The Spirit of '79
King Abdullah of Saudi Arabia is worried. At the Gulf Cooperation Council, the Saudi King warned that the entire region was about to convulsed in conflict:
"Our Arab region is surrounded by dangers," King Abdullah said at the opening of a summit for leaders of the oil-rich Arab nations around the Persian Gulf. "It is like a keg of gunpowder waiting for a spark to explode." Palestinian factions are fighting each other, and Iraq is slipping into "the darkness of strife and mad struggle," a danger that also looms over Lebanon's diverse communities, he said in a speech before the leaders began a closed session.
The dark shadow hovering over Abdullah's remarks was of course Iran and its Islamic Revolution, with its challenge to modernism and the Sunni world, at once the font of recent radical Islamism and rival of the Sunni counter-revolution, al-Qaeda, for the leadership of radicalism in the region. Within the conflict against which King Abdullah warns there are really two wars: that between Sunni and Shi'a and the other between the region and the West. Let's revisit 1979, the Year Zero of the current conflict; the year the Ayatollah Khomeini seized power in Iran.
Facing a revolution, the Shah of Iran sought help from the United States. Iran occupied a strategic place in U.S. foreign policy in the Middle East, a pro-American country sharing a long border with America's cold war rival the Soviet Union and the largest, most powerful country in the oil-rich Perisan Gulf. But the Pahlavi regime had also garnered unfavorable publicity for its human rights record. The U.S. ambassador to Iran, William H. Sullivan, recalls that the U.S. National Security Adviser Zbigniew Brzezinski “repeatedly assured Pahlavi that the U.S. backed him fully." However, President Carter arguably failed to follow through on those promises. On November 4, 1978, Brzezinski called the Shah to tell him that the United States would "back him to the hilt." At the same time, certain high-level officials in the State Department decided that the Shah had to go, regardless of who replaced him. Brzezinski and Energy Secretary James Schlesinger (former Secretary of Defense under Ford), continued to insist that the U.S. would support the Shah militarily. Even in the final days of the revolution, when the Shah was considered doomed no matter the outcome of the revolution, Brzezinski still advocated a U.S. military intervention to stabilize Iran. President Carter could not decide how to appropriately use force, opposed a U.S. coup and ordered the USS Constellation aircraft carrier to the Indian Ocean, but soon countermanded his order. A deal was worked out with the Iranian generals to shift support to a moderate government, but this plan fell apart when Khomeini and his followers swept through the country, taking power 12 February 1979.
Like the Bolsheviks, Khomeini came to power by mounting a revolution within a revolution. He came on the wings of a broad coalition that overthrew the Shah, and slowly, patiently and cunningly eliminated his rivals within that movement until he grasped the levers of the Iranian state. It is an ironic and cautionary tale -- which will doubtless go unheeded -- that the first victims of the "Green-Red Coalition" were the Reds. The Islamic Revolution should have disabused the Marxists, socialist and secularists of the anti-Shah coalition of the illusion that they were the vanguard of history.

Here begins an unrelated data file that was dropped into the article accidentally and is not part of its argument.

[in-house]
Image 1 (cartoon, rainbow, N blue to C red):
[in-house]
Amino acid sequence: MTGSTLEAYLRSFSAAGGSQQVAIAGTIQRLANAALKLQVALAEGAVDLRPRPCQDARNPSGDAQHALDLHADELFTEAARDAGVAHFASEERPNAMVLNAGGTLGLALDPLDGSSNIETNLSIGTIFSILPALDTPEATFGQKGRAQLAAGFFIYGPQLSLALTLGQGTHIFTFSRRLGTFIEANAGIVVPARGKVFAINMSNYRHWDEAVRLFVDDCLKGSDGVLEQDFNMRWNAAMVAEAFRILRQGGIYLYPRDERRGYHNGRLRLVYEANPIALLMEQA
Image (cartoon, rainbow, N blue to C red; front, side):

Now began the second, or Islamic phase of the revolution. There was great jubilation in Iran at the ousting of the Shah, but the glue that stuck together the dozens of religious, liberal, secularist, Marxist, and Communist, revolutionary factions—opposition to the Shah—was now gone. ... The one that would prevail was the strongest, Ayatollah Khomeini and his supporters. Khomeini was in his mid-70s, had never held public office, been out of Iran for more than a decade, and had told questioners things like "the religious dignitaries do not want to rule." All of this gave many the impression he intended to be more a spiritual guide than a power holder, but with skillful timing Khomeini eliminated both adversaries and unwanted allies and implemented his wilayat al-faqih design for an Islamic Republic led by himself as Supreme Leader.
After digesting Iran, the Islamic Revolution looked out hungrily over the region. And the Sunnis looked back at them. The rival Sunni counter-revolutionary brand, al-Qaeda, after a splendid start in Afghanistan made the grave strategic error of attacking America on September 11 (foreshadowing Zarqawi's ill fated decision to duplicate the error in Iraq, and by fighting a losing battle against the US in Iraq, fatally weakened the Sunnis against the Shi'ites). The September 11 attack led not only to al-Qaeda's ouster from Afghanistan, but to the subsequent destruction of the key Sunni-controlled buffer state of Iraq. With Saddam gone and the Sunnis defeated under the inept Zarqawi, the Shi'ites would gain the upper hand in the struggle to control the subsequent vacuum. Then the international and American left, misjudging the situation again, would agitate to abandon Iraq to the last man standing. And neither King Abdullah nor his fellow rulers at the Gulf Cooperation Council had any doubt who that would be.
How greatly the Arabs fear a dominant Iran and its Islamic Revolution is highlighted by the London Times article which describes the frantic efforts by Arab countries to get their own nukes to offset the impending Iranian atomic bomb. (In contrast, Anwar Sadat unhestitatingly attacked a nuclear-armed Israel in the 1973, just as al-Qaeda attacked America on September 11, absolutely convinced that the Evil Jew and the Great Satan would be too moral to use their full strength against them.)